Mixed timbre

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A mixed timbre is a type of musical timbre that is intermediate between a perfectly harmonic (mode-locked) timbre and an inharmonic one. These types of timbres introduce a slight amount of inharmonicity, with partials being bent up or down by a few cents, while also maintaining the same "clear" quality that distinguishes harmonic timbres from the more "opaque" or bell-like inharmonic ones. The term mixed timbre was coined by Mason Green, although the concept may have been proposed before.

Mixed timbres are ideal for use with tunings that almost, but not quite, provide satisfactory approximations for certain intervals. For example, 22edo is a fairly good 11-limit system, and it also allows for a great deal of new modal and tonal possibilities, which have been written about by Paul Erlich among others. Some of these scales sound much better if the 600-cent tritone is treated as a consonance rather than a dissonance. Similarly, it might be a good idea to treat the tempered whole tone (~218 cents) as a consonance as well, since it occurs in inversions of the harmonic seventh chord.

However, with most harmonic timbres, neither of these intervals sounds particularly consonant. The tritone is too far apart from both 7:5 and 10:7 to sound like either. By introducing some inharmonicity, though, it is possible to make these intervals sound much sweeter, as consonances should. That way, 22edo will not sound nearly as "out of tune" as it otherwise would.

Mixed timbres are one way to do this. A mixed timbre contains mixed partials, which are partials consisting of two or more closely-spaced frequency components (they must be close enough that they are perceived as one "beating" partial rather than separate entities). One of the components is a perfect harmonic multiple of the fundamental, and the other(s) are slightly higher or lower.

For example, we could imagine a mixed partial consisting of one component at 3f, where f is the fundamental frequency, and a second component with half the amplitude at 3.03f. Because of the harmonic component, this partial maintains some semblance of (imperfect) mode-locking with the fundamental, which results in a more stable timbre. Interference between the two components causes this partial to "beat", but beats on overtones are generally much less noticeable than beats on the fundamental, and because the inharmonic component is smaller to begin with, the beating will not be very noticeable and the timbre will sound very close to a perfectly harmonic one.

This mixed overtone will have an effective pitch which is a weighted average of its two components; in this case, about 5-6 cents above 3f. Thus, we can say that the pitch of this overtone has been "bent up" through the addition of the inharmonic component. Assuming octave equivalence and that the 2nd, 4th, 8th, etc. are all perfectly harmonic, it might be inferred that the ideal width of a fifth, when using this timbre, will be somewhere around ~707 cents. This may make a huge difference if we are using a tuning where the fifths are already very sharp to begin with (for example, 22edo or 27edo).

If other non-octave-equivalent timbres are similarly modified, it will be possible to construct a timbre around a particular temperament. Using 22edo, we should bend the overtones corresponding to the 3rd, 7th and 9th harmonics up, and those corresponding to the 5th and 11th harmonics down. We can also omit the 13th harmonic altogether (since 22edo does not deal with this harmonic well). By adapting the timbre to the temperament in this way, the tritone will sound much more consonant and will function more credibly as both 7:5 and 10:7; other intervals including the whole tone, thirds, and fifths will also sound much better.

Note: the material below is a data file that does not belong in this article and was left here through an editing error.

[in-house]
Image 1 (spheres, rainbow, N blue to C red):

Another tuning that would benefit a great deal from this is 17edo, which is superb for melody (as documented by George Secor), but whose harmonies beyond the 3-limit are rather lacking. By bending the 7th, 11th, and 13th harmonic partials down, while bending the 5th harmonic partial way up (assuming the sharp val for 5), we can compensate for 17edo's deficiencies and effectively convert it into a full 13-limit system, while still using timbres that don't sound too inharmonic. Using the flat val for 5 will result in a different timbre with a more xenharmonic effect, since it maps both the "5:4" and "5:6" onto a neutral third.

Timbres like this are easy to synthesize on a computer, but it may also be possible to achieve this effect in physical instruments by coupling a harmonic or nearly harmonic oscillator (such as a bowed string), to a more inharmonic one such as an idiophone. String resonance (like that which naturally occurs in a piano when the damper pedal is pressed) is another option.

In fact, it's quite likely that many if not most of the "perfectly harmonic" timbres in nature, including the human voice, are in fact mixed timbres. Few if any physical objects are completely free of inharmonicity, and mode-locking is not always perfect (injection pulling can occur as often as injection locking). Because of this, a mixed timbre may in fact sound more organic, or less artificial, than a perfectly harmonic one.

It's not just xenharmonic tunings that can benefit from using mixed timbres; even plain old 12edo can, as well (if you use a timbre with the 5th and 7th partials bent up).